The vast riches of schools like Stanford and Harvard have created dilemmas about how their endowments should be directed. One slate of candidates for Harvard's board of overseers is calling for the school to spend some of its $37.6 billion endowment to cover tuition for all students. Lawmakers have also mulled requiring colleges with at least $1 billion in their endowments to spend at least one-quarter of the endowment's income on financial aid.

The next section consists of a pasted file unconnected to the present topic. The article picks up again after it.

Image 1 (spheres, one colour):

That might provide some relief to some students aiming to climb the economic ladder, but the bigger issue may be the fact that many less competitive colleges -- which enroll a greater share of low- and middle-income students -- are boosting tuition to offset cuts in state spending. More than three-quarters of tuition hikes at public universities from 2001 to 2011 were due to declining state appropriations, the think tank Demos found last year.